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National Institute for Health and Care Excellence

Pharmacists should prepare medicine records for patients using home care services

Community pharmacists should create a paper medicines administration record for adults who use home care services, according to proposals from the National Institute for Health and Care Excellence (NICE), England’s health technology body. 

According to the new guidance, which is out for consultation until 11 November 2016, the paper record should ideally be provided by a community pharmacy and subsequently used by the carer to record the details of any medicines given. 

NICE says the record should include the name of the patient; the name, formulation and strength of any medicine; how often and/or the time the medicine should be taken; the medicine’s route of administration; the name of the patient’s GP; stop or review dates and any additional information, such as specific instructions for giving a medicine. 

The new guidance, ‘Managing medicines for adults receiving social care in the community’, has been designed to improve the quality of medicines support and management that paid carers give to their clients. It includes processes around ordering prescriptions, administering medicines and record keeping.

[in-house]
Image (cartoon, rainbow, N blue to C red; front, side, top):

Anne Bentley, lead pharmacist for East Lancashire clinical commissioning group and chair of the NICE guideline development group, says: “More and more people are using home care services and this will often include help with managing their medicines.

“We want to support people to be as independent as possible so they can take their medicines safely and get the most from their treatment.”

She adds: “This guideline covers how medicines support should be planned and delivered, with health and social care providers sharing accurate and up-to-date information, and working together to deliver high quality care.”

Citation: The Pharmaceutical Journal DOI: 10.1211/PJ.2016.20201846

Readers' comments (1)

  • The outcome NICE are looking for is improved care and this is spot on. The route to get there with 'paper' from the 'technology body' is in my personal view just the beginning. There are better 'mobile technology' solutions that can help not only improve care but capture valuable data as we move care closer to home in the coming decades...

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